Re: Water chemistry assistance

From: John Lobingier <jlob at wpa_net>

> I am adding 1/4 tsp of baking soda per day.  This is a 55 gallon tank.

I use the rule of thumb that 1 tsp per 50 liters will increase the KH 
by 4 degrees. 

1/4 tsp in a 55 gallon tank should increase your KH by about 1/4 to 1/3
degree.  Keep in mind that both "1/4 tsp" and fractional dKH are hard
to measure accurately. 
> Here are my water values from 1 or 2 (?) weeks ago.
> pH 6.0, KH .5 to 1dh, GH 7dh.  
> The results are after one day of adding baking soda in the amount of
> 1/4 tsp:
> pH 6.0, KH .5 to 1dh, GH .5 to 1dh.  I said GH .5 to 1dh.  

The lack of change in pH or KH is consistent with the very small
amount of baking soda you added.  The change would be within the error
margin for either measurement. 

> I retested all of the values because I was shocked to see the change
> in GH.  Did the GH figure drop this far down because my plants are
> extracting the need for CO2 ( carbon ) from my GH?  This is the
> decalcification process or something like that in action?  The fish
> are fine.

No, GH measures mostly calcium and magnesium, not carbon compounds.
It may be that plants are using the calcium and magnesium but the rate
seems pretty high for that.  Are you adding anything to the water that
would act as a chelator?  Peat in the filter?  

Biogenic decalcification is the result of plants extracting carbon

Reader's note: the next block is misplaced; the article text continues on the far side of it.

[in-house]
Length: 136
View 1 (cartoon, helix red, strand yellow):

from the carbonates causing calcium to percipitate on aquarium
surfaces.  This will actually raise the pH, even though it seems

> I have a 30 gallon plant ( if you can call it that ) :) tank with two sword
> plants in it.  They are very healthy.  I have had them for years. I added
> 1/4 tsp of baking soda to this 30 gallon tank yesterday and here are the
> test results from today.
> pH was 6.0, it is now at 6.6.  KH stayed the same .5 to 1dh.  GH stayed the
> same 7dh.  The pH went up so shouldn't I see a change in the KH?  

Again, perhaps the results are confused due to measurement error.
What kind of test kits do you have?  What is the resolution of the pH
and KH test kits?  If the pH test kit has a resolution of 0.4 and the
KH test kit has a resolution of 0.5, you have a wide range of possible

> Baking soda ( sodium bicarbonate ) raises the KH only?  


> Is KH part of the GH?

In generally accepted *hobbyist* terms, KH is the measure of HCO3- and
CO3--; GH is the measure of Ca++ and Mg++.  KH and GH are totally

However, typical hobbyist test kits seem to measure total *alkalinity*
or acid buffering and call the results "KH".  If carbonates are the
only buffer in your water, i.e., the only contributor to alkalinity,
this is OK.  If you have other buffers such as phosphates (from pH-UP
or -DOWN or other additives), the "KH" measurement is up for grabs.

Some test kits measure "total hardness" which is a combination of 
KH and GH.  This type of measurement is of little value to us. 

In general, I prefer the Tetra KH and GH test kits.  Our tap water is
relatively low in alkalinity and the values we measure with these
kits seem very "true". 

Just so I don't get flamed yet again by our chemistry professionals,
"KH" and "degrees" are scientifically undesireable terms.  But since
the test kit makers continue to use them, so will I.

> Calcium carbonate will raise the GH, but not the KH?

The calcium ions will raise GH and the carbonate ions will raise KH.